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Wilson Offers Plan to Retain Welfare Cuts

TIMES STAFF WRITER

Gov. Pete Wilson, hoping to preserve welfare cuts jeopardized by a recent court ruling, told federal officials Thursday that he plans to exempt disabled recipients and certain children from the reductions.

In a letter to federal Health and Human Services Secretary Donna Shalala, Wilson said he believed the exemptions would “easily resolve” the court’s problems with California’s welfare cuts and remove the legal cloud that has hung over them since the U.S. 9th Circuit Court of Appeals issued a ruling last month invalidating the reductions.

California Health and Welfare Agency spokeswoman Shannon Bowman said the Wilson Administration has not yet determined how many recipients would be exempted or the cost to restore their benefits.

She said the exemptions would apply to families with disabled adults and some of the so-called child-only cases--those in which only the children in a family unit are receiving assistance from the Aid to Families With Dependent Children program.

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In California, those two categories make up nearly a third of the 918,000 AFDC cases. Bowman cautioned, however, that not everyone in that group will be granted the exemptions.

Wilson’s decision represents a major concession to the appellate court and it indicated that California may no longer be able to institute across-the-board welfare reductions as it has done for the last three years.

The effect of welfare cuts on disabled adults and children was a key factor in the court’s 2-1 decision, in which it found that the Bush Administration had violated federal law when it approved California’s 1.3% AFDC benefit reduction in 1992.

The court faulted the Administration for failing to consider the impact the 1992 cuts would have on the 2.7 million Californians who receive welfare, noting that it would put some segments of the welfare population at “increased risk of homelessness, inadequate nutrition and a variety of emotional and physical problems.”

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The state is required to seek federal authorization for such cuts because they bring California’s welfare benefits below a federally established level.

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The Bush Administration not only granted the authorization but also gave the state approval for future cuts totaling 5%. The following year, 1993, the state cut benefits another 2.7%. This year, the governor and the Legislature approved a 2.3% reduction, effective Sept. 1.

In its ruling, the court did not specifically order benefits restored but left room for the state to reapply to the federal government for new authorization. The court made it clear, however, that the new application would have to comply with its findings and that the state would be required to show that the cuts would not harm recipients.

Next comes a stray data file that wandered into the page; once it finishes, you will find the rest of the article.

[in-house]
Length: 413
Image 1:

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Wilson has said repeatedly that welfare cuts serve as an incentive for recipients to go to work and improve conditions for their families. The court challenged that notion, saying it could not see how work incentives could benefit either disabled recipients or child-only cases.

Wilson said Thursday he expects to submit a new request for federal authorization within two weeks, and he urged Shalala to act quickly.

“Failure to review and approve the proposal promptly will increase the likelihood of additional challenges in state and federal courts,” he wrote.

But advocates for the poor, who had filed the lawsuit challenging the cuts, predicted it would be many months before Shalala makes a final decision. They said Wilson has also asked the 9th Circuit Court for a rehearing, and they believe Shalala is not likely to respond until the court acts on that request.

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Curtis L. Child, an attorney for Legal Services of Northern California, said advocates for the poor plan in the meantime to ask the federal appellate court to delay implementation of the Sept. 1 welfare cuts. The cuts are expected to save the state about $5.6 million a month and are designed to help ease the state’s budget crisis.

Child said he will argue that since the latest cuts are based on an authorization that was invalidated by the court, they should not go into effect until the issue is finally resolved, either by Shalala granting a new authorization or a court ordering restoration of benefits.

“The state shouldn’t be allowed to proceed with further implementation of cuts that rely on an invalidated (authorization),” said Casey McKeever, an attorney for the Western Center on Law and Poverty Inc.

He said advocates for the poor intend in the near future to seek restoration of both the 1992 and 1993 benefits.

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Since 1990, when welfare benefits in California reached their highest levels, the maximum cash grant for a typical family of three has dropped from $694 a month to $607. If the newest cuts go into effect on Sept. 1, benefits will drop to $593 a month. The reductions have been offset partially by increases in federal food stamps.


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